Strange, Moore Head Into Runoff In Alabama Senate Primary

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Phillip Stucky Political Reporter
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Former Alabama Supreme Court Justice Roy Moore and GOP Sen. Luther Strange will both advance to a runoff election after neither candidate earned more than 50 percent of the vote in the primary to officially replace Attorney General Jeff Sessions Tuesday.

Moore led Strange, earning 41 percent of the vote in Alabama. Strange wasn’t far behind with 31.9 percent of the vote, and Rep. Mo Brooks earned 19.5 percent of the Republican vote, with 60 percent of the polls reporting as of 10:00 p.m. EST, according to The New York Times.

Although much of the nation’s attention was on the Republican side, the Democratic side of the primary was also exciting. Former U.S. Attorney Doug Jones won a clear victory with 64 percent, and Robert Kennedy Jr. took second place with a small 18.6 percent of the vote. Micheal Hanson and Will Boyd each rounded out the pack with a small amount of support in the race.

Alabama operates under an “open primary” system, which means that anyone can vote in either party primary, but they can only vote in one. Independents are free to choose to vote either in the Democratic or the Republican primary.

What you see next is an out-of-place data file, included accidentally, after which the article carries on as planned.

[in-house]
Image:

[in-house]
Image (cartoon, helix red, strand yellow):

Republicans have so far dramatically outspent Democrats. Incumbent Sen. Luther Strange raised $2,524,170 over the course of the campaign, and he left $1,335,844 in cash reserves according to Ballotpedia. Both Brooks and Moore spent a little over $300,000 so far in the race. Democrats were far less prepared on the fiscal front. Jones took the lead with a paltry $160,000. Businessman Jason Fisher was the runner up in fundraising with a very low $15,562.

Jones led the most recent poll, earning 40 percent of the vote in a two-way matchup with Robert Kennedy Jr. On the Republican side, Moore led the polling in nearly every poll. Strange earned a lead in the latest Emerson College poll, narrowly beating the former attorney out 32 percent to 29 percent.

Since no candidate on the Republican side of the ticket earned more than 50 percent of the vote, both Strange and Moore will face off in a scheduled Sept. 26 runoff. The winner of that election will face off against Jones in the general election which is scheduled for Dec. 12, 2017.

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